“When Mr. Lehman called me to see if I would join him I said yes for a variety of reasons,” Dickinson explained. “I believed it would give me an opportunity to make a difference.” Dickinson went on to recount how each week there were decisions that only he could make. “They would come in once a week with 9 or 10 things that only I could decide. It was very liberating to go through the exercise to get it right,” Dickinson said. “Sometimes we would go around the table and vote before I would make my decision.” Dickinson then told a story about Rule 99. “I wanted to expand opportunities for people to submit prior art. So we voted and the vote was 15 to 1 against implementing the rule, but we did implement it.”
“Having seen, from a Congressional perspective, so many different agencies I didn’t think there were any other place in government that I could have as much impact,” Dudas explained. “Once you are here it is incredibly energizing… everybody gets behind what they need to get done.”
“I never thought I would be in Washington, DC, 3,000 miles away from where I consider home,” Lee answered. Lee would then go on to say that if you have gained a perspective that might be useful and “someone asks you to serve I think you have an obligation to serve if you can do it.”
Foreman took the session toward a discussion of current events, asking: “Why is there an anti-patent sentiment?” Initially no one seemed to want to take the question. Indeed, it seemed there was an awkward silence for longer that it probably was in real time. But it didn’t seem like anyone wanted to touch the question. Eventually Lehman answered, saying “during the Clinton Administration you couldn’t really say anything bad about intellectual property, but now the pendulum has swung back,” recognizing that is how the system and laws generally tend to go.
“There is a divergence of interest,” Dickinson explained. “A public relations campaign… has changed the system in ways that may not be for the best.”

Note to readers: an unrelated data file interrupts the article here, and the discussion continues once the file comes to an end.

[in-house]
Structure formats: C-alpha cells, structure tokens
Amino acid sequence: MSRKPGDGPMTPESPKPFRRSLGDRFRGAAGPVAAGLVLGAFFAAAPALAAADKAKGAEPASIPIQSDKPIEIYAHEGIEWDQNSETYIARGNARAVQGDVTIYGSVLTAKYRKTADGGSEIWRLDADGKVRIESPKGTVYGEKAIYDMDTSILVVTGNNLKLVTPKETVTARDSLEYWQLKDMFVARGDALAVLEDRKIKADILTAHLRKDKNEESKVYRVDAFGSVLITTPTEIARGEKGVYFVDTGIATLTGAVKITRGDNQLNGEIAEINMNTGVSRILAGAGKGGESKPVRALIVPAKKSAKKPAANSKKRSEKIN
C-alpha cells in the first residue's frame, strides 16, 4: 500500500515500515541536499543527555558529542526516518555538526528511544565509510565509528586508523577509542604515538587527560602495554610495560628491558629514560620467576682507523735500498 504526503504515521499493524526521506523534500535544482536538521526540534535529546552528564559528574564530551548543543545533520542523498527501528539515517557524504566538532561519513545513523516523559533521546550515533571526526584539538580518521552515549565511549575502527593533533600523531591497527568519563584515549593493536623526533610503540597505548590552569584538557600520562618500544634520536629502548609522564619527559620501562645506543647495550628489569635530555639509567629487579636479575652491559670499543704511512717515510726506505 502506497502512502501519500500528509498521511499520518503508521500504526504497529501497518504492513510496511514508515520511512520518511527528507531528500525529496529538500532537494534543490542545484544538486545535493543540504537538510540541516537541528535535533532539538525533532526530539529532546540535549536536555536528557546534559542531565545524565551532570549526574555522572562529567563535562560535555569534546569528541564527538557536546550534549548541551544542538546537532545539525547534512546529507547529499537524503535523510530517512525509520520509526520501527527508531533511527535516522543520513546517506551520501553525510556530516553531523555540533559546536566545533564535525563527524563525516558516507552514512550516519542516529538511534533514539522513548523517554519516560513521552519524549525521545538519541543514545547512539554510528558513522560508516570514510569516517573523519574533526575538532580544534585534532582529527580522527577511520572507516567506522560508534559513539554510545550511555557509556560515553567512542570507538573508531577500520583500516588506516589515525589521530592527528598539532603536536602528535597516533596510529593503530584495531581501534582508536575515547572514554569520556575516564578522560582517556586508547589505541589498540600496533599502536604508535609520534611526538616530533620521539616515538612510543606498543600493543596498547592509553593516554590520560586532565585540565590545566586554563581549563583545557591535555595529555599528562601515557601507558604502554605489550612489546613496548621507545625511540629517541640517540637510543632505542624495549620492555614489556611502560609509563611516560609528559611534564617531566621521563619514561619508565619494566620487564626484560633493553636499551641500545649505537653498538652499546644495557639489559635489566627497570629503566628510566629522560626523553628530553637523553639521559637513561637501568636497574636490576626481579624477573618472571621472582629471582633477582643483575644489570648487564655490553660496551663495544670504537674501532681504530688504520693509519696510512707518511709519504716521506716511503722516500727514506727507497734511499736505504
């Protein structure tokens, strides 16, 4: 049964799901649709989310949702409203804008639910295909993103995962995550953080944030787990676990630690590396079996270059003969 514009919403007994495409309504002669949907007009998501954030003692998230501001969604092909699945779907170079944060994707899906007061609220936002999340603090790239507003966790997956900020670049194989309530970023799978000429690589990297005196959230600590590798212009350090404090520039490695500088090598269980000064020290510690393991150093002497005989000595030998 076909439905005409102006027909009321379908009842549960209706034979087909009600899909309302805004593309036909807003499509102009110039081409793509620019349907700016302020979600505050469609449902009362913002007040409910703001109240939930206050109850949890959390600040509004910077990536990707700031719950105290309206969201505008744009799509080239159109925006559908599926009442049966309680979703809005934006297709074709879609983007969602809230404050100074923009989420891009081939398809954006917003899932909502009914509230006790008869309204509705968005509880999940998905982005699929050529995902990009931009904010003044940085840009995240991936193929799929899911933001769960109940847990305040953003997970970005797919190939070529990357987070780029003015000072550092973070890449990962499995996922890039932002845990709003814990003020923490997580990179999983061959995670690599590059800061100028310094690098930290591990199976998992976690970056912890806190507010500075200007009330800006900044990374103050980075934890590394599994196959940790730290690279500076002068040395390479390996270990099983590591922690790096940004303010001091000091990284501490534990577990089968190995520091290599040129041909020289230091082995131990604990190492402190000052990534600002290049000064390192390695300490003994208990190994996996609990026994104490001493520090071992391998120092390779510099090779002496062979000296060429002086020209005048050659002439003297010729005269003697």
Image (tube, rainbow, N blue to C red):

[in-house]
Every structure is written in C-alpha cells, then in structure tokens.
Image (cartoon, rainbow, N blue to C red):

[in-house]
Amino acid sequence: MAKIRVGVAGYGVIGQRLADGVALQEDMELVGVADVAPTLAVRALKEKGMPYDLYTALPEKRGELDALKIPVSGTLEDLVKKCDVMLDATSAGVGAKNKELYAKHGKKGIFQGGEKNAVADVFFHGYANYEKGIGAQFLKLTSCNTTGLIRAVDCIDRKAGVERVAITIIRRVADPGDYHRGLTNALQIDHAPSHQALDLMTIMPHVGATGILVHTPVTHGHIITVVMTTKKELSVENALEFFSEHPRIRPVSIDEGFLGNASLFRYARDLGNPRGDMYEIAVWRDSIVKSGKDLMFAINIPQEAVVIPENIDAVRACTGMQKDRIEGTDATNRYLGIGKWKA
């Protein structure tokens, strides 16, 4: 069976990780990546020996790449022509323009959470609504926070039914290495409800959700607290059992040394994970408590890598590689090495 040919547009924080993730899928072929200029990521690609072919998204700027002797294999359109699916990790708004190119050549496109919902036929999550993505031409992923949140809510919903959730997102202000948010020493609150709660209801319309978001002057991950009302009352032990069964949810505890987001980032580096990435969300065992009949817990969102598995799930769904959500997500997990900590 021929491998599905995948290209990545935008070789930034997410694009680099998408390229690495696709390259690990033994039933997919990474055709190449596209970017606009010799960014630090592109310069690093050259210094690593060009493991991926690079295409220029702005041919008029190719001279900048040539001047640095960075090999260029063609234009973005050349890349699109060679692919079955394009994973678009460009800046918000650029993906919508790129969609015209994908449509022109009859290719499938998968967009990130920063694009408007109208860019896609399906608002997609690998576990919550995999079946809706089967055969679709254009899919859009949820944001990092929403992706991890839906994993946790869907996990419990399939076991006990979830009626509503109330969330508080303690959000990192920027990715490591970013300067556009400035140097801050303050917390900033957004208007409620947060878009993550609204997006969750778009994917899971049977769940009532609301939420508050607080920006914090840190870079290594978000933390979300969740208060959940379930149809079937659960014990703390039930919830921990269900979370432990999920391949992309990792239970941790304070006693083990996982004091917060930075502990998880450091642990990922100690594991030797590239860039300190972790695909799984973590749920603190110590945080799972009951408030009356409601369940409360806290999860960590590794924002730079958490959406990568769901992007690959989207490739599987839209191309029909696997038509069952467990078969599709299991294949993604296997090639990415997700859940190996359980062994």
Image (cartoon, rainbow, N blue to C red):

Then Dudas answered the question directly, without pulling any punches. “What is the reason for anti-intellectual property sentiment? I’ll give you two words: greed and ignorance,” Dudas answered. “If you are against intellectual property is has to be because of greed or ignorance.”
Director Lee took the opportunity to say that rights that are too strong can inhibit innovation, saying: “There is a range in which it is optimal to operate… I spend a lot of time making sure we end up in that range.”
Mossinghoff used the question to discuss recent Supreme Court decisions. “I’m concerned that we are perhaps moving back to an unfriendly Supreme Court, starting with the Alice decision, which is causing cases to be dismissed without discovery,” Mossinghoff explained. “I think the Alice decision has created all kinds of problems for patent attorneys and their clients who use the patent system… [the Supreme Court] is taking more cases and their decisions are not helpful to the patent system, in my opinion.”
A question from one of the regional offices, who were attending via web conference, asked what advice the former leaders had for Director Lee. “I think at the head of the job description for any director of any agency is try to get the money,” Mossinghoff explained.
“My advice is to go to the USPTO gym,” Dudas explained. “At the USPTO gym you will be amazed by the advice that you get from colleagues that they would never approach you to tell you, or never say in any meeting… so I would say go to the gym, but you don’t have to workout.”
John Cabeca, Regional Director of the Silicon Valley Office, asked the panel what they think we will be celebrating at the 250th anniversary?
“My first hope is that I’ll be there,” said Mossinghoff, who then pivoted to say that by moving to first to file there is a real opportunity to have a single examination worldwide, which could be the big development over the next generation. Dickinson echoed the sentiment, saying: “I hope we will be celebrating further advance on substantive harmonization.” Lehman similarly pointed overseas to the PPH “creating a de facto global Patent Office.”
“When a company can be on the Internet and have their first sale in Bejing as easy as it could be in Boston I think there will be enormous business pressure to harmonize substantive and procedural laws,” Lee answered.
To wrap up the event questions from the audience were solicited. One question pointed to the fact that the rest of the world files more in the US than US individuals and corporations. “Does that mean that innovation is in decline in the US?”
“There is no decline in the innovation community,” Lee answered. “I do not see any signs of decrease in innovation.” Dickinson echoed this, pointing out that US filings have not decreased, but rather “it seems that the rest of the world has continued to see the value of US patents.”